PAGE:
Frappaolo: The writing process forces me to organize and crystallize my thoughts and ideas. That is the selfish part of the answer. Writing also allows you to connect, albeit in a non-interactive manner, and share your ideas and experiences with a vast number of people. Some of my books are used as part of the curriculum of some graduate programs. I recently had the pleasure of speaking to a group of those students via a phonecast. Its rewarding to know that your writing helps to guide others, and inspire some to embrace a career in ECM.

Infonomics: We’ve had this conversation a few times, but does it matter what the ECM industry is called?
Frappaolo: No, not really, as long as the family of technologies, methodologies and practices reach their full potential. What frustrates me is when names cause division and confusion. To make ECM synonymous with imaging, for example, is narrow-sighted and can do the ECM industry a great disservice. I happen to like the term ECM for what it stand for: Enterprise = within a business setting; Content = anything that provides information, from paper documents to websites, analog video to tacit knowledge stored in people’s heads; Management = a purposeful and deliberate level of control and manipulation to bring about a desired end state.

Infonomics: In a recent blog post, you blasted – rightly – someone criticizing technology instead of the faulty business process that led to a problem. To me, this seems so simple as to hardly merit discussion, yet users repeatedly purchase technology and misapply it without regard to business process. Does your psychology background allow you any insight there?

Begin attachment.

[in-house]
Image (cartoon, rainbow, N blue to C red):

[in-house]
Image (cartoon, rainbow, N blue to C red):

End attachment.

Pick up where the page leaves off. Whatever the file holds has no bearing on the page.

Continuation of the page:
Psychology, and some common sense with regards to human behavior. Too often, people like to take the easy way out. They want the reward but not the pain. Everyone wants to be the next overnight success, but fail to recognize the years of effort that typically precede an overnight success. Its no different with ECM technology. Despite the potential power derived from ECM, successful deployment usually requires some upfront work and planning. I think we are a long way from “ECM success in a box.” Heck – if that were true, then how would organizations differentiate themselves? I am not speaking about granular and tactical component technology, but the application of multiple technologies to bring about specific and deliberate end games. This requires strategy – and that is what separates two companies that are using the same ECM technologies.

Infonomics: What does being named a Fellow mean to you?
Frappaolo: Aside from the obvious honor that comes whenever you are recognized as a leader by your peers, being named as a Fellow at this time actually has a very special meaning for me. I was introduced to the Company of Fellows many years ago when I first met Mark Robinson. Mark had applied for a job at Delphi and made the short list (it came down to him and one other candidate.) During the interview, I questioned Mark about his designation as AIIM Fellow #131. (It was on his resume, and I had no idea what it meant.) As I stated, it was in his response that I learned about the Company of Fellows. Mark was very proud of his affiliation with the group, despite the many jokes he would make over the years. (Those that knew him should readily recall his arid sense of humor. It was his greatest asset in my opinion.) In the end, Mark did not get the job, but he and I remained friends ever since. In December of last year, Mark passed away. I know that the Company of Fellows is not based on availability when members pass away, but in some strange way I feel as if Mark paved the way for my indoctrination. Knowing that I am now a part of a group that he is still a member of makes this award a very special honor for me.